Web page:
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Bats, Bugs, Wind Turbines, and Unintended Consequences

Correction: an earlier version of this post claimed produce becomes more expensive when bugs aren’t eating it. We meant to say produce becomes more expensive when more BUGS are eating it. We regret the error.
Bats eat bugs. Bugs eat produce.

Larry Roberts / Post-Gazette


The more bugs that eat produce, the mores expensive it becomes. And bats that die in wind turbines certainly aren’t in any position to eat bugs.
The Post-Gazette’s Erich Schwartzel had a great story in Sunday’s paper, looking at the thousands of bats eaten up by Pennsylvania’s growing number of wind turbines each year, and the surprising trickle-down effect the phenomenon is causing:

The 420 wind turbines now in use across Pennsylvania killed more than 10,000 bats last year — mostly in the late summer months, according to the state Game Commission. That’s an average of 25 bats per turbine per year, and the Nature Conservancy predicts as many as 2,900 turbines will be set up across the state by 2030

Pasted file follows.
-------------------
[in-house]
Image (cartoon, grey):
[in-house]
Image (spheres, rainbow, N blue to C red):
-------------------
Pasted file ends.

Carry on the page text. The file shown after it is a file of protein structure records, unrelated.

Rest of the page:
Bats are nature’s pesticide, consuming as many as 500 insects in one hour, or nearly 3,000 insects in one night, said Miguel Saviroff, the agricultural financial manager at the Penn State Cooperative Extension in Somerset County.
“A colony of just 100 little brown bats may consume a quarter of a million mosquitoes and other small insects in a night,” he said. “That benefits neighbors and reduces the insect problem with crops.”
If one turbine kills 25 bats in a year, that means one turbine accounted for about 17 million uneaten bugs in 2010.

According to a study quoted in the article, bats save farmers about $74 an acre. That’s $22 million to Lancaster County, $15.2 million to Berks, and more than $2 million in Bucks County.

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